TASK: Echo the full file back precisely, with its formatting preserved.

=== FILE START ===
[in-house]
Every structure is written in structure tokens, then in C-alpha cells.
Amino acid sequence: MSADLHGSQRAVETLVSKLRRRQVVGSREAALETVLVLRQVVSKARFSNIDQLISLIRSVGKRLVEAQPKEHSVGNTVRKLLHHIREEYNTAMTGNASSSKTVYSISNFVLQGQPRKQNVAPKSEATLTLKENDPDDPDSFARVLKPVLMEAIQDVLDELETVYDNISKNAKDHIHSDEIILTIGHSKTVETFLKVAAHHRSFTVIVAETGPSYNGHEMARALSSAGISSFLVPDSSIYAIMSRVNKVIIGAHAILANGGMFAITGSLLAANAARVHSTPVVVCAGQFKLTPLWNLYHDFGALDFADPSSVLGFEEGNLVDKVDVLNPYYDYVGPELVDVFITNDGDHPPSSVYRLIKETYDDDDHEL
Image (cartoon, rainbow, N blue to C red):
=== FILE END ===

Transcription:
[in-house]
Every structure is written in structure tokens, then in C-alpha cells.
Amino acid sequence: MSADLHGSQRAVETLVSKLRRRQVVGSREAALETVLVLRQVVSKARFSNIDQLISLIRSVGKRLVEAQPKEHSVGNTVRKLLHHIREEYNTAMTGNASSSKTVYSISNFVLQGQPRKQNVAPKSEATLTLKENDPDDPDSFARVLKPVLMEAIQDVLDELETVYDNISKNAKDHIHSDEIILTIGHSKTVETFLKVAAHHRSFTVIVAETGPSYNGHEMARALSSAGISSFLVPDSSIYAIMSRVNKVIIGAHAILANGGMFAITGSLLAANAARVHSTPVVVCAGQFKLTPLWNLYHDFGALDFADPSSVLGFEEGNLVDKVDVLNPYYDYVGPELVDVFITNDGDHPPSSVYRLIKETYDDDDHEL
Image (cartoon, rainbow, N blue to C red):